By Nicole Tinkham
Composition in a piece of artwork is incredibly important. It’s what catches the viewer’s eye and draws them in. Composition tells a story. It’s as if the viewer is reading a book. You must consider where you want them to start and what you want to leave them with in the end. It brings everything together in one cohesive piece. To achieve successful composition, you must include three things: A focal point, structure, and balance. In this blog we’ll go over all three and show you how you can use it in your next piece.
#1 Focal point
What is the viewer automatically drawn to? What do you want them to notice first? What is one CLEAR element in your piece? These things would describe your focal point. If there isn’t a clear focal point, it’s often difficult for the viewer to understand the piece and the artwork can get boring. We know you don’t want that! Keep it to just one focal point though. Too many, and the piece can become distracting. So how do you distinguish a clear focal point?
• Camera focus or more details in a drawing or painting
• High contrast
Note: While you want to draw the eye to the main focal point, you don’t want to ignore the rest of the piece. You must have BALANCE in your work to make in interesting. We’ll get more into that later
Having your focal point in the ideal placement can draw the eye to that area. This is a way for you to direct the viewer on where to start in your piece. There are many ways to structure your artwork but let’s start with one you may be familiar with, the rule of thirds.
The Rule of Thirds
Basically, you’ll want to divide your piece into thirds. This can be done in your head or you can lightly draw in guidelines with your pencil. Your focal point should land on the intersecting lines. This will prevent you from automatically placing your focal point in the center, which most of the time we tend to do.
The Golden Ratio
We don’t want to bore you with the mathematical equation on the Golden Ratio so we’ll be brief with this one. If you check out the image below, you’ll notice that your focal point will be situated in the tiny part of the spiral. Your eye will start there in the center and work its way outward. This will create a pleasing flow in your artwork.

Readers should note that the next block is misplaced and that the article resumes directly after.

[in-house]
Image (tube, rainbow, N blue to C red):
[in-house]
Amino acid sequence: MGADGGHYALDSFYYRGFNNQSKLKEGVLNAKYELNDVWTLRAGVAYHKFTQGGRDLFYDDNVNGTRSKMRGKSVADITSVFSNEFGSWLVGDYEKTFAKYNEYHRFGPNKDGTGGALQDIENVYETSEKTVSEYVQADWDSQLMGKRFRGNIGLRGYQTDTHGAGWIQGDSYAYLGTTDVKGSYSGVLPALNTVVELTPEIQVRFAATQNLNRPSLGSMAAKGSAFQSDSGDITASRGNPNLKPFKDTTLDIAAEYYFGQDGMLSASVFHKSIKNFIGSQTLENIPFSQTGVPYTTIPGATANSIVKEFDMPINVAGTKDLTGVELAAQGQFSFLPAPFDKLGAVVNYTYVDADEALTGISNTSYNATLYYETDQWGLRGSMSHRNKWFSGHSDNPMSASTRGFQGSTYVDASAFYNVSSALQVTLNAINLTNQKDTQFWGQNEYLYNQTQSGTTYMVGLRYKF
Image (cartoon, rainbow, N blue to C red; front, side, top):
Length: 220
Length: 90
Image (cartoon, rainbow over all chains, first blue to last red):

Symmetry works really well with architecture either horizontally or vertically. We mentioned earlier that your focal point shouldn’t be in the center of your piece but when it comes to architecture, it works well.
So you’ve put a lot of time and thought into your focal point and you have it nailed down. That’s great! But one thing to keep in mind is the rest of your piece. You don’t want to neglect the background. A great way to check to make sure your piece is visually balanced is to squint your eyes when looking at the piece. Which elements pop out to you? While you’ll have your clear focal point, there should be other areas of interest in the piece as well.
Many times we can think of art as “just winging it”. We get a burst of creativity, an instant idea, or a creative spark and we go after it without much thought. That’s fine! But before you put pencil or brush to paper, quickly think over the composition. What’s the best structure for your piece? How will you create balance? Have these things in mind before you begin the piece so you’re not trying to adjust it later.
Composition can be a tough concept to wrap your mind around but we hope the tips in this blog have helped! Do you have something in particular you’re currently struggling with? Leave a comment below and we’ll do our best to provide a solution in a future blog post!